Incoherency on the TPP’s currency “side deal”

November 13th, 2015 at 9:42 am

The WaPo’s editorial in support of ratifying the Trans Pacific Partnership 12-country trade deal makes some good points, like you need to learn what’s in this beast before you sound off about it.

I’m working my way through the TPP and will have more to say at a later date. So far, I’ve seen better language in parts of the text than in past agreements, but you’ve got to be careful. It was good to see a requirement for minimum wages in the labor chapter, for example, but I didn’t see anything that would prevent a signatory country from setting a minimum wage at the equivalent of one cent and being in compliance.

The dispute settlements process may be improved—the text calls for greater transparency and more input from individual states representing their “public interest,” but only in practice will we know how much substantive input sovereign states have in these multi-country tribunals. The fact that the tobacco industry is explicitly prohibited from bringing dispute cases regarding public health regulations is both a clear, progressive advance, and a worrisome reminder that other safety hazards do not have such carve outs.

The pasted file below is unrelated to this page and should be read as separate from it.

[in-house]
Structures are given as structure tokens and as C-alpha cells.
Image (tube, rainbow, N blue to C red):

But the ed board is incoherent on currency management. There is no currency chapter in the deal, just a side agreement with no enforcement mechanisms against countries managing the value of their currency, typically suppressing its value relative to the dollar to make their exports more price competitive. According to the WaPo, echoing the administration:

…this omission is entirely appropriate. Any agreement that intruded so deeply on the monetary policies of the member states, the United States included, would have been rejected by all — in the unlikely event currency ma­nipu­la­tion could have been reduced to an intelligible, legally binding definition in the first place. Differences over currencies are best handled through diplomacy; and, through a side agreement, the TPP negotiations produced promises to avoid unfair currency practices and a first-of-its-kind forum through which countries can press complaints as they arise.

First, it is widely known by participants in this debate, or at least it should be, that the IMF has long had an “intelligible” definition of the action that comprise currency management. In fact, the declaration itself mentions the IMF’s “exchange rate assessment” as a useful tool in identifying the problem (see part above about the importance of actually reading these materials before you hold forth).